Students in some Algebra and Geometry classes at Sioux City West High School were asked to bring M&Ms, Skittles and Tootsie Rolls to class last year. Students thought that "homework" assignment was really sweet, to say the least. Little did they know that their skillful teachers were using these manipulatives as a differentiated instruction strategy. Actually, as transparent as these teachers are, the students likely did know.

Welcome to standards-based grading and instruction. While this may not seem like your classroom experiences of the past, take note because the results Jamie Bratvold (pictured left) and Arynn Rasmussen (pictured right) found teaching this way are worth sharing.

Bratvold and Rasmussen, who recently relocated to Texas, explained the difference between their past practice of norm-based grading versus standards-based grading this way: The standards-based method equalizes the grading process in that only a student's summative assessments are used for his or her grade. Homework assignments, participation, attendance and attitude have a weight of zero in grading. However, those formative assessments provide guidance for day-to-day differentiated instruction.

Bratvold and Rasmussen like to use this analogy to further clarify, "With any sport, an athlete has to practice their skill. There are scrimmages and there are games. Homework is their practice, quizzes are the scrimmages and summative tests are the games—the only things that really 'count.' If you don't practice and do well in the scrimmages, you won't make it in the real games."

Because the areas of student progress can be easily identified, conversations become richer among peers and teachers, and engaged learning happens through differentiated instruction. These are added benefits to standards-based teaching, according to Bratvold.

The West High teachers established their teaching methods on the work of Rick Wormeli and Robert J. Marzano. These education gurus believe in testing and re-testing. However, a student will only have an opportunity to re-test if he or she has put in the practice, or, in other words, the students have submitted all of their homework assignments.

When asked why they switched from norm- to standards-based grading, Bratvold said they noticed that students weren't remembering what they learned in the first quarter later in the fourth quarter.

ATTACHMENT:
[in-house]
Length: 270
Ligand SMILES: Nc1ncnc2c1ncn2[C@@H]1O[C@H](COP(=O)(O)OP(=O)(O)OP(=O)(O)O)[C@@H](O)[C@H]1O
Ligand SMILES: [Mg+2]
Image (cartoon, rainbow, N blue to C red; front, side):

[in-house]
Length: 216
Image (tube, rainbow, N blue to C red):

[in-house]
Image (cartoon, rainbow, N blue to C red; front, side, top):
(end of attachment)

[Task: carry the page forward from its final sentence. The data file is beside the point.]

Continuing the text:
"In our norm-based grading, students typically received higher grades on their report cards than the results from state standard testing," Bratvold explained. "We knew something needed to change."

In the summer of 2011, a professional development cadre at West High got together to "unwrap the standards." By defining what it meant to "employ the properties of equality," for example, the cadre listed a comprehensive list of properties they felt needed to be mastered for that standard. The standards also had to fit within the Iowa Core expectations. Once they knew how to define each standard, grading for each one became more balanced and explicit.

"As opposed to looking at norm-based grades that can factor in attendance, attitudes, participation and other intangibles, standards-based grading identifies what a student does or does not struggle with," said Bratvold.

Knowing which concepts a student hasn't yet mastered is half the battle. The flip-side for teachers is how to change, or differentiate, their teaching so that kids can engage with concepts in a way that makes learning easier.

Enter M&Ms, Skittles and Tootsie Rolls. Students were able to create and solve their own math problems by using these yummy manipulatives.

Critics may say, "That's great to incorporate chocolate into classrooms, but are they learning anything?"

Bratvold and Rasmussen can tell you that not only are students more engaged in the classroom, but that, yes, test scores in one class increased from 55 percent passing in 2010 with norm-based grading to 74 percent in 2011 with standards-based grading.

Millie Olsen, an instructional coach at Northwest Area Education Agency (AEA), provided resources for the West High pair two years ago, as they began their standards-based journey.

"I am excited for them and their trailblazing efforts," exclaimed Olsen. "I believe the power of this works in their formative assessment framework that, in turn, guides the instruction."

One of Bratvold's favorite testimonies came from a student who was asked if standards-based grading was working for her. The student admitted, "You never let me forget what I've learned!"

Standards-based grading isn't for the faint-of-heart. It takes extra effort to differentiate. It means a teacher has to be flexible and willing to change. And the teaching is very transparent because students know each day, week and semester what will be taught and what they will be responsible to learn—making them more accountable.

But are the results worth it? Absolutely say these two teachers, who recently earned their master's degrees from Southwest Minnesota State University.

As Bratvold summed up with one of her favorite quotes, "Growth happens outside of your comfort zone."

It sounds as though these teachers grew professionally just as much as their students did academically. In the "game" of teaching, that would be called a win-win.